Wearable Tech For Pets Keeps Them Safe and Sound

Pet wearables including GPS trackers allow you to keep tabs on your furry friends.
Marcia Wendorf
Microchipped petDepositphotos

Years ago, TV stations in the U.S. used to include this public service announcement during their late evening newscasts at either 10:00 or 11:00 p.m.: "Do you know where your children are?"

Today, if your dog or cat is out past its bedtime, you can use pet wearable technology to find out exactly where it is.

Most dogs and cats are "chipped"

Adopt a dog or a cat from most humane societies, and it will come already "chipped". The chip is an RFID tag that is inserted under the pet's skin. A Radio Frequency Identification microchip is a type of Passive Integrated Transponder that can be read by veterinarians, animal shelters, animal control workers, and by anyone who has an RFID scanner.

Pet RFID scanner
RFID scanner Source: Wikimedia Commons

The scanner can pull a number off the chip, and by consulting a database, that number will identify the pet, its owner, and even its immunization record. Additional data stored in the database can include your pet's medical history, any medical procedures it has had, and other vital information such as whether the pet is diabetic.

In a case described on the PetNuity website, when a diabetic dog got out of his yard and was scooped up by animal control, staff at the local humane society were not only able to locate the dog's owner, they were also able to give the dog the insulin he so desperately needed.

Lost dogs and cats often slip their collars, and the RFID chip eliminates the need for a collar. In cats, this can be a life saver by preventing accidental hanging.

Geographic tracking

GPS collars allow you to track Fifi or Fido with an app on your smartphone. If you've always wondered what your inside/outside cat gets up to while outside, now you can see. If you happen to live in San Mateo, California, you can see if items you are missing ended up in the house of "Klepto Cat" Dusty.

Pet GPS trackers include the Whistle 3 ($79.95 whistle.com, Amazon) which clips on to any collar that is more than an inch wide. Its associated smartphone app allows you to observe your pet's location anywhere in the U.S. in real time, and you can set up a "geo-fenced area" and be alerted if your pet steps out of that area. There is a monthly subscription fee of $6.96 to $9.95.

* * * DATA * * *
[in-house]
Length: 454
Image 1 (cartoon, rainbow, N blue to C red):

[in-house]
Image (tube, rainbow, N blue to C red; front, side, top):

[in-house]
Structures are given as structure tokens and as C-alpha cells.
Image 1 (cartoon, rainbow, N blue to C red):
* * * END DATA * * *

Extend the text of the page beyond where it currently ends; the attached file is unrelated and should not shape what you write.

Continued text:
The Invoxia Pet Tracker ($99 invoxia.com, Amazon) is a smart collar with GPS location and personalized security zones. It doesn't need a SIM card or data plan, and weighs only 15 grams. It's also IPX7 water-resistant, so while rain is all right, a full Labrador swim might not be. The Invoxia Tracker works in France, Switzerland, Spain, Italy, Belgium, the Netherlands, Luxembourg, Germany, Denmark, the Czech Republic, and Slovakia.

The Link AKC ($149 linkakc.com, Amazon) is a stylish collar that lets you to set up safe zones and alerts you if your buddy leaves those zones. The Link AKC will also alert you if the temperature gets too hot or too cold, and it even has built-in LED lights for night walks. It has a monthly subscription fee of $6.95 to $9.95.

Behavior modification

Bark collars have become a popular way of keeping dogs from constantly barking. When they detect the sound of barking or even the vibration in a dog's neck caused by barking, they can administer a mild electic shock, an irritating noise, or even the scent of citronella, which dogs apparently don't like.

The TabCat by Loc8tor (From $99.99, tabcat.com, Amazon) doesn't use GPS to locate your cat, but instead comes with an RF (radio frequency) receiver. The receiver beeps and creates a visual display when you are within 400 feet of your cat. The device also allows you to send a signal to your cat when you want it to return home. As someone who is owned by an inside/outside cat, all I've got to say is, "Good luck with that."

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